4. Don’t catastrophise
If it’s midweek and you’re hiding in the staff toilets, dreading having to go back to your desk, then it’s safe to say that you’re probably ‘toxically stressed’. The symptoms tend to manifest physically and can include persistent fatigue, tension, poor concentration, feeling annoyed and bowel problems. Even the most chilled out people in your social circle find things stressful – they just understand how to deflect it better. “Learning the ABC system is a simple, but effective way of managing stress,” Dr Barry says. “Find the trigger of the stress, then write down how you’re feeling and the conclusions you’ve made because of the initial trigger.” This can show you whether or not you’re seeing the worstcase scenario for something that’s actually minor. “If it’s losing your job, then you’re assuming that will make you a failure. That takes us back to the original rating system we talked about earlier. You’re not a product of your successes and failures.”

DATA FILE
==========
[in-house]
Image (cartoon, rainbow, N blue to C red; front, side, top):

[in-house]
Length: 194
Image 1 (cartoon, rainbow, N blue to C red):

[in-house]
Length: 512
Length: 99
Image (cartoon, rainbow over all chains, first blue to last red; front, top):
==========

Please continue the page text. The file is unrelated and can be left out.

5. Make ligh5t when you can
A key trait of people who always seem to be able to pick themselves back up? A good sense of humour. “It stops us feeling sorry for ourselves,” explains Dr Barry. “It means you’re less likely to carry grudges, and in the face of a bad situation, you can throw humour back at it.” Finding it difficult to laugh at your other half not taking the bins out for the third time this month? Try and take a step back from the situation and observe it from someone else’s perspective. Recognise the potential humour and everything will seem a little lighter.